Tuesday, 5 April 2016

The Omega Men #4 - DC Comics

THE OMEGA MEN No. 4, November 2015
Considering the extraordinary lengths with which the Omega Men have gone to in order to ensure Kyle Rayner’s obedience and cooperation, it must have undoubtedly been clear to this title’s 11,302 followers in September 2015 that the de-powered White Lantern is a rather important piece in Tom King’s overarching storyline. However few must have been expecting the “ex-CIA agent” to dedicate the entirety of this twenty-page periodical to exploring the feelings of the so-called terrorists' prisoner, and even less realised that “DC’s star Green Lantern into the mid-2000’s” is actually the series’ “main character”…

Sadly such surprising revelations, the latter ‘exclusively’ told to “Comic Book Resources News” by the American author himself, badly bogs down the pacing of this particular publication and actually makes Issue Four” of “The Omega Men” an incredibly painful read as the former Honour Guard Illustres of the Corps dwells upon his ‘mistaken’ selection as an intergalactic policeman, the death of “the girl” he loved and his aspiration to bring closure to “this endless war between the Omega Men and the Citadel; a hope which lead to his betrayal and current captivity. This depressing ‘summary of past events’ is simply relentless and although it’s useful to finally understand just how the White Lantern was so easily abducted (and supposedly murdered) by the people “who take credit for all the bombings”, that information is soon smothered by the “Grayson” co-writer having Princess Kalista tearfully agonize over a royal upbringing which saw her put her sword though “native… armed good fighters” every morning.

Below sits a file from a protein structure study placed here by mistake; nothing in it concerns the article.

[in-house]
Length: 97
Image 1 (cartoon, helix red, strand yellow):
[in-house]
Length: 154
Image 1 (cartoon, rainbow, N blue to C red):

King’s narrative proves additionally disturbing in the fact that his audience knows this entire situation is a manufactured ruse, being secretly observed by Primus and Tigorr, specifically designed to disarm Kyle’s emotional defences and cause him to fall prey to the seductive charms of the Euphorix nobleman’s wife. Admittedly this book’s cover does display a “Teen Plus” rating. Yet even so, such blatant voyeurism and unsettling sexual undertones in a ‘run of the mill’ comic arguably makes for a rather distasteful experience.

This magazine’s greatest weakness however is undoubtedly the frighteningly amateurish-looking “expressionistic linework” of Toby Cypress. Just why editors Brian Cunningham and Andy Khouri decided to have the American illustrator step in “for regular artist Barnaby Bagenda” is unclear. But just because the penciller has previously created some “stunning Kyle-centric covers for the first three issues” does not mean they’re necessarily suitable to draw sequential juxtaposed panelled breakdowns.
Writer: Tom King, Guest Artist: Toby Cypress, and Colorist: Romulo Fajardo Junior

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